If our praying shapes our believing less and less, and if clergy are unwilling (or unable) to keep their vows and promises, then it makes perfect sense why the only available alternative to the subjectivism of the Over-Personalized Church appears to be the objectivism of the Monolithic Church with its insistence on the individual’s inflexible submission to hierarchical authority.

Embracing conscience over conformity with the doctrine, discipline, and worship of the Episcopal Church, we bring the crisis of anomie upon ourselves. It's a crisis that makes the Over-Personalized and the Monolithic Church types - and their inability to co-exist - appear to be the only viable options. And one which makes normlessness appear to be the only norm.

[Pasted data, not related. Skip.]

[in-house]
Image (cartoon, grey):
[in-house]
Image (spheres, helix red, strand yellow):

Tuesday, March 13, 2007

Monolithic Church vs. Over-Personalized Church

As someone in search of a Via Media Church, I've found the distinction between the two ideal types of the "Monolithic" versus the "Over-Personalized" Church helpful.

The Monolithic Church embodies a model of authority we can term 'hierarchical heteronomy.' Members are told by clergy what to think, what to believe, and what to do, and these things are defined in the same way for everybody. This Church embraces epistemic and ethical objectivism. Absolute Truth is known within the Church with absolute certainty. Private judgment is considered anathema, for the Church hierarchy alone is the guardian of truth and goodness. Individual conscience and preferences must be submitted to the teaching authority of the Church hierarchy. Requirements for membership are maximal, so the Monolithic Church requires a strict consensus on all matters dogmatic and moral for persons to be considered good members.